Password Security Policy in Carbonio Community Edition | Carbonio CE

Strong and constantly changing passwords are the basis for protecting your accounts from hacking. This is why a strong password security policy is the first thing a Carbonio CE mail server administrator needs to set up to increase the level of security for accounts on the server. The second necessary action is to ensure strict compliance with password policy requirements by all users. In this article, we will talk about how to set up a password security policy in Carbonio CE and how to get users to comply with it.

The key points of a strong password policy are increased requirements for password strength and frequency of password replacement. Carbonio CE allows the administrator to not only configure these settings but also automate the monitoring of user compliance with them.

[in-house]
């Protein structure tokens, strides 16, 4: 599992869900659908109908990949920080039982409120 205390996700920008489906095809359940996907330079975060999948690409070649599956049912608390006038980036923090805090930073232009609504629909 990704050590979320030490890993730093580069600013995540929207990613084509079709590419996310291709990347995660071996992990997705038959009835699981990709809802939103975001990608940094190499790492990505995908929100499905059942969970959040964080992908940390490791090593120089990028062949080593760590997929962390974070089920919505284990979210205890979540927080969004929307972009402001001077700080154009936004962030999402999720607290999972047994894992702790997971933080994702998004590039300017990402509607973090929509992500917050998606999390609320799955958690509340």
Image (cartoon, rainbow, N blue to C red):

You can configure a password security policy both for individual users and for entire classes of service. The settings themselves can be changed in the graphical administrator console and in the command line.

In Carbonio’s Admin Panel, password security policy can be configured at the Class of Service – COS level. To do this, select the COS section in the right sidebar and select the Class of Service for which you will configure the password security policy.

Please note that the password policy settings you have applied will not take effect if you are using an external LDAP server or AD to authenticate users.

The following options are available for configuration:

  • Prevent user from changing password
  • Minimum number of unique passwords
  • Maximum password lifetime (days)
  • Maximum password length
  • Minimum password lifetime (days)
  • Minimum number of numbers or punctuation symbols.
  • Minimum password length
  • Minimum number of lowercase characters
  • Minimum number of digits
  • Minimum number of punctuation symbols
  • Minimum number of uppercase characters
  • Prohibition of dictionary passwords.

On the command line, password security policy settings can be changed at both the Class of Service and user levels.

To change at the user level, use the commands, replacing user@domain.tld with your user name:

carbonio prov modifyAccount user@domain.tld zimbraFeatureChangePasswordEnabled